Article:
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Shining light in a dark place


Pamela Wible wants physicians to start talking about the issue of doctor suicides

Pamela Wible, MD, was attending a memorial in 2012-the third one in a year-for a fellow physician who had died by suicide. At the service, she began to wonder, why were so many successful, highly intelligent doctors killing themselves? 

Wible, a primary care physician in Eugene, Oregon, knew all too well the stresses that came with getting through medical school and practicing medicine.  

“I was suicidal myself after six jobs in 10 years,” she says. “I felt like my only value was as a warm body in the room generating revenue for big-box clinics.” She found relief when she started her own independent practice, but she wondered at the memorial service just how many doctors couldn’t find a way to cope.

“I started counting the number of docs I knew that had either died by suicide or whose deaths were highly suspicious,” she says. “Within a minute, I counted 10. From then on, I have been determined to get to the bottom of this.”

The 10 doctors she initially counted became 50 and then 100 after asking colleagues about physicians they knew who died by suicide. The number is over 700 today. The American Society for Suicide Prevention estimates that 300-400 physicians die by suicide annually. 

Since that memorial service, she’s dedicated herself to helping those doctors contemplating suicide and shining a light on a topic that many people do not want to discuss.

“Certain families want to keep a lid on it, and medical institutions don’t want to report that their residency program had three suicides in five years or had interns jumping from the rooftops,” she says. 

Through her website, retreats, speaking engagements, blogs and social media posts, Wible tries to tell doctors and medical students that they are not alone in their struggles and that help is available. She also wants to get people talking about the problem so solutions can be found to save lives.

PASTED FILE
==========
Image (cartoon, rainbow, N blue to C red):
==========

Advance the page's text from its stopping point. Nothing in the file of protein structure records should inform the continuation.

“Many people are just in a toxic workplace that does not allow them to thrive physically or mentally,” she says. “We need to change the system, not just tell them to practice more yoga. We can’t have medical students and residents working 28-hour shifts and being subjected to hazing and bullying.”

Most of all, she wants people to tell the truth so that there can be accountability through increased public awareness and less professional stigma for physicians who are suffering.

“The majority of these suicides are preventable,” says Wible. “My immediate goal is to prevent them. But to stop these senseless deaths, we must say ‘suicide’ out loud and talk about it the same way we talk about hypertension or diabetes.” 

She adds that medical schools and residencies need to improve the educational environment and working conditions, and that when a suicide does happen, the school must use it as an opportunity to teach and support their students and residents rather than just telling them to “get back to work.”

“Workloads are out of control and emotional support is lacking,” she says. “Doctors are often punished when they reach out for help. When you take sensitive, intelligent people and put them in this hostile environment, they are all going to cave at some point. Let’s talk about this. We must support our medical students and new doctors so they can function at the highest level possible. After all, we are here to save lives.” 

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